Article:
Season in Review: Ryan Anderson

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Published: May 30, 2014
Ryan Anderson

22 games.  That was all we saw of Ryan Anderson this season.  Luke Babbitt played in 27 games.  Little used Darius Miller played almost the same number of total minutes.   It was rough for us as Pelicans fans, but for him, it must have been a nightmare year.  His off-season was tragic.  He got injured right before the season started, came back and found his groove – and then got leveled with a truly scary injury.  Almost two months after the initial injury, he was a guest on the broadcast and told Joel Meyers that the pain was finally receding.  Two months afterwards.  Ugh.

With the injuries and few minutes, it’s hard to judge Ryan Anderson’s season.  Sure, he hit a career-high shooting percentage from deep while taking more threes per game than he’s ever managed before – but it was a small sample size.  Still, I’ll try to pull a few conclusions from the mix.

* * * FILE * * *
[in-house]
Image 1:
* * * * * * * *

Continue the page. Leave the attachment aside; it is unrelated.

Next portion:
Was he better than the year before?

Partially.  Overall his production became less diverse as he became more focused on being a perimeter finisher.  His previous season in New Orleans had seen dips in both his eFG% and his TS%.  Those numbers returned to what he enjoyed in Orlando.  His turnover rate fell to an insanely low rate I’ve never seen before on a high usage player (4.1%) – though that corresponded with an assist rate that also was sub 5%.  Eesh.